A 1995 report from the Army’s Sacramento Corps of Engineers, which documented chemicals detected in the soil at Fort Ord, found levels of TCDD at 3.5 parts per trillion, more than double the remediation goal at the time of 1.2 ppt. Olson calls the evidence convincing.

“It clearly supports the fact that 2,4,5-T with unknown amounts of dioxin TCDD was applied on the Fort Ord grounds and border fences,” Olson said. “Some military and civilian personnel would have been exposed.”

The Department of Defense has described the Agent Orange used in Vietnam as a “tactical herbicide,” more concentrated than what was commercially available in the U.S. But Olson said his research suggests that even if the grounds maintenance crew used commercial versions of 2,4,5-T, which was available in the federal supply catalog, the soldiers would have been exposed to the dioxin TCDD.

The half dozen veterans who spoke with KFF Health News said they want the military to take responsibility.

The Pentagon did not respond to questions regarding the upkeep of the list or the process for adding locations.

In the meantime, the Agency for Toxic Substances and Disease Registry is studying potential chemical exposure among people who worked and lived on Fort Ord between 1985 and 1994. However, the agency is evaluating drinking water for contaminants such as trichloroethylene and not contamination or pollution from other chemicals such as Agent Orange or those found in firefighting foams.

Other veterans are frustrated by the VA’s long process to recognize their illnesses and believe they were sickened by exposure at Fort Ord.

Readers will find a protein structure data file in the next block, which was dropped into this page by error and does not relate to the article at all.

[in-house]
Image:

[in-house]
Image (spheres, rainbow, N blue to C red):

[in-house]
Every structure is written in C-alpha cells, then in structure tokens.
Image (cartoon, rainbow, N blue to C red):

“Until Fort Ord is recognized by the VA as a presumptive site, it’s probably going to be a long, difficult struggle to get some kind of compensation,” said Mike Duris, a 72-year-old veteran diagnosed with prostate cancer four years ago who ultimately underwent surgery.

Like so many others, he wonders about the connection to his training at Fort Ord in the early ’70s — drinking the contaminated water and marching, crawling, and digging holes in the dirt.

“Often, where there is smoke, there’s fire,” Duris said.

KFF Health News is a national newsroom that produces in-depth journalism about health issues and is one of the core operating programs at KFF—an independent source of health policy research, polling, and journalism. Learn more about KFF.


This story can be republished for free (details).

En Colorado, reevalúan leyes formuladas para proteger a los menores

Kaiser Health News:States - April 27, 2024

Hace más de 60 años, legisladores en Colorado adoptaron la idea de que la intervención temprana podría prevenir el abuso infantil y salvar vidas. El requisito del estado de que ciertos profesionales informaran a las autoridades cuando sospechaban que un niño había sido maltratado o descuidado fue una de las primeras leyes de informes obligatorios en la nación.

Desde entonces, estas leyes se han expandido a nivel nacional para abarcar más tipos de maltrato, incluido el abandono, que ahora representa la mayoría de los informes, y han aumentado el número de profesiones obligadas a informar. En algunos estados, se requiere que todos los adultos informen lo que sospechan que pueda ser un caso de abuso o negligencia.

Pero ahora hay esfuerzos en Colorado y otros estados para revertir estas leyes, argumentando que el resultado ha sido demasiados informes infundados, que perjudican desproporcionadamente a las familias que son pobres, negras, indígenas o tienen miembros con discapacidades.